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Wrapping on noncylindrical shape

joseph_newcomerjoseph_newcomer Member Posts: 87 ✭✭✭
edited May 2023 in Community Support
Here is a drawing I have.  It is a complex shape of a lampshade.

My friend who is an artist wants to do the following
Scan a shape: a leaf, a flower, whatever
Do "color separation" in the editing program to get two or three colors for the object
Get an appropriate import file (e.g., dwg, dxf, whatever) or set of color-separation import files
Import the file(s)
Wrap the image(s) onto the interior of this shade
Extrude them inwards
The shades will be printed in a white, somewhat translucent color
We have a 4-filament 3D printer (Prusa XL.  At least, we hope to have it by the end of June).  The extrusions may print in one color of filament, or we can have three other filaments plus the base white
The goal is that when the light is turned on (a LED light, so it will not melt the plastic) the designs will show through.
The color filaments will be translucent colors.

This may not be possible in the current program because of wrap being limited to cylinders.
One interesting idea is to not wrap it, but put a vertical plane through the center.  Put the image on the plane.  Extrude it to the surface.  This will make a big, solid chunk of color.
Shell the color.  This may require extruding symmetrically to opposite sides so the shelling works.  Fine.  Limits us to having things essentially mirrored.  Not an artistic crisis.
For color separations, extrude one color, then suppress it so we can extrude the next color, and so on.  Then, having shelled the blocks, unsuppress all the suppressed extrusions,  run it through the slicer, and print it with up to four colors (up to three colors plus base shade).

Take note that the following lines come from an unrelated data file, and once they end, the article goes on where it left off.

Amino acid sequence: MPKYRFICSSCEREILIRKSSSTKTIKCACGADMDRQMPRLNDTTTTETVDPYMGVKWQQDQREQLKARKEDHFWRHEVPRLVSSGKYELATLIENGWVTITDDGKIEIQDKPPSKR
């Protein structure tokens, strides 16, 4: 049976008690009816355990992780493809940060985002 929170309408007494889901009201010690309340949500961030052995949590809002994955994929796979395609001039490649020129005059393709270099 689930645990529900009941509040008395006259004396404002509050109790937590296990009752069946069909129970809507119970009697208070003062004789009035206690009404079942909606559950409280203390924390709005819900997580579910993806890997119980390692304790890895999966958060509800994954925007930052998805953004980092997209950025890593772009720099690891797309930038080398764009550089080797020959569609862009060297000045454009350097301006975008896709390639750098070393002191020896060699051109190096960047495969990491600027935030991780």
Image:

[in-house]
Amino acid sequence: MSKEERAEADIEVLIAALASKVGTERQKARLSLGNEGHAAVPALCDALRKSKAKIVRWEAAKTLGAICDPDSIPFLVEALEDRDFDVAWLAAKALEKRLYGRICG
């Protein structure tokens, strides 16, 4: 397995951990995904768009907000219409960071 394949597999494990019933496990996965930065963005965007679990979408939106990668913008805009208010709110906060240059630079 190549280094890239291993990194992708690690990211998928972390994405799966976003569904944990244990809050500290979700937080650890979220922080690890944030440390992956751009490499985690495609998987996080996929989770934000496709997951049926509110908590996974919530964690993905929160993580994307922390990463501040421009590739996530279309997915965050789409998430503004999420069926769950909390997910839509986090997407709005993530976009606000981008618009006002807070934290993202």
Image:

Any suggestions, perhaps a better way to do it than what I am suggesting?

EDIT: I tried the above idea.  It is very difficult.  The current drawing puts a "pentahex" figure in the center plane.  The problem goes like this:

I have to first extrude the outermost object (the hexagon).  Then I shell it and remove seven of its eight sides.  Well, there's the problem.  I have to remove 12 of its 14 sides.  What?  Well, when I "shell" it I get an internal pentagon shell on the inside.  Locating and eliminating these sides is really hard, because there is no way to 'reach inside' of an object to 'name' some enclosed surface.  Lots of manipulation, and if I didn't have that hole in the bottom to fit over the bulb I would have no chance.  But I'm finally left with just one side, the side against the shade, a hexagon shape with a pentagon hole in it.  Whew!  I can't imagine doing this with an artistic shape!  Then I extrude the pentagon, shell it, and remove 6 of its 7 sides, and I'm left the the pentagon.  I made the shells 1/10 inch thick so they show; in the final product the shells may be significantly thinner, perhaps 1/32 of an inch.  So it seems to work, but it is clumsy to use, and I should have done it as a derivation of the basic lampshade, but I was experimenting.  Will fix that, but it's 3am, I've got a morning dentist appointment, and it's time to go to bed.

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